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2002 FREENIX Track Technical Program - Abstract

The Future is Coming: Where the X Window System Should Go

Jim Gettys, Cambridge Research Laboratory, Compaq Computer Corporation


The X Window System was developed as a desktop window system, in a large (for its time) campus scale network environment. In the last few years, it has escaped the desktop and appeared in laptop, handheld and other mobile network devices. X from its inception has been a network transparent window system, and should thrive in this environment. Mobility forces a set of issues to surface that were only partially foreseen in X's design. For one reason or other, the hopes for the design were not entirely realized.

Our original view of X's use included highly mobile individuals (students moving between classes), and a hope, never generally realized for X, was the migration of applications between X servers. Toolkit implementers typically did not understand and share this poorly enunciated vision and were primarily driven by pressing immediate needs, and X's design and implementation made migration or replication difficult to implement as an afterthought. As a result, migration (and replication) was seldom implemented, and early toolkits such as Xt made it very difficult. Emacs is about the only widespread application capable of both migration and replication, and it avoided using any toolkit.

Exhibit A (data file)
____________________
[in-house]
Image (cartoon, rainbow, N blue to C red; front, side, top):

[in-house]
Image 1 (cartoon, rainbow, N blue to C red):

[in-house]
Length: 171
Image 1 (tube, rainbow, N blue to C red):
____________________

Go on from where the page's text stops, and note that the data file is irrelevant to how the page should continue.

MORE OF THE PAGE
You should be able to travel between work and home or between systems running X at work and retrieve your running applications (with suitable authentication and authorization). You should be able to log out and ``park'' your applications somewhere until you retrieve them later, either on the same display, or somewhere else. You should be able to migrate your application's display from a handheld to a wall projector (for example, your presentation), and back again. Applications should be able to easily survive the loss of the X server (most commonly caused by the loss of the underlying TCP connection, when running remotely).

There are challenges not fully foreseen: applications must be able to adapt between highly variable display architectures. Changes to the X infrastructure in recent work make this retrofit into modern toolkits appear feasible, enabling a much more dynamic view of applications. Also, applications must be able to adapt between very different resolution displays (more than an order of magnitude) and differing pointing devices.

I cover the changes and infrastructure required to realize this vision, and hope to demonstrate a compelling part of this vision in action. This vision provides a much more compelling vision of what it means for applications to work in your network. With the advent of high speed metropolitan and wide area networks, and PDA's with high speed wireless networks, this vision will provide a key element of the coming pervasive computing system.

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Last changed: 16 May 2002 ml
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